Waste production is a reflection of modern consumption and lifestyles. Economically developed countries are producing more and more waste (900 kg a year per inhabitant in the United States), whereas developing countries produce very little (less than 17 kg a year per inhabitant in the Ivory Coast). We produce over 26 million tonnes of household rubbish in the UK and Northern Ireland every year.
The nature of waste is also changing. The materials are synthetic and increasingly complex, resulting in pollution and health problems. Selective waste collection has been introduced in many developed countries. In developing countries, the recovery and re-use of waste materials has long been, and still is, a common activity.
The large quantity of household waste is mainly due to the increase in the amount of packaging over the last 40 years. Other waste such as highly dangerous radioactive waste, which has a long lifespan (several thousand years) or industrial waste, can pose serious health and pollution problems. By thinking about the types of products we buy, how we use them and where we dispose of them, we can dramatically reduce the amount of rubbish our homes produce.
Problems and challenges
Waste, if not properly managed, can cause a change in the environment and its ecosystems.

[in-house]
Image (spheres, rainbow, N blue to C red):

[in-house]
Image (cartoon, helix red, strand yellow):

Globally, only 20% of household waste is treated (incinerated or recycled). Some countries in the OECD (Organisation for Economic Cooperation and Development) send their waste to countries in the Southern hemisphere in order to avoid the high cost of waste treatment.
Although we produce waste, we do not want to have household waste incineration factories or landfill sites near our homes. However, waste is being produced at a much higher rate than it can be destroyed.
Of all the possible solutions, reduction at source is the quickest and most efficient. However, it requires an effort to be made by governments, industry and consumers, and is not easy to put into practice as it means that everyone must change their habits.
- Visit a rubbish tip to see the variety and quantity of things that are thrown away
- Produce an account of the waste collection and treatment sites in the local district or town in order to understand how the local waste sector operates
- Set up a composting machine to look at the idea of biodegradable waste and the plant waste sector
- Visit a supermarket with a list of types of purchases and then carry out a study on the amount of waste produced
- Look at the connection between consumption and waste production
- Carry out a waste audit at your school to see what you are throwing away. Could your school reduce the amount it is putting into its dustbins? Could any of this waste be re-used or recycled?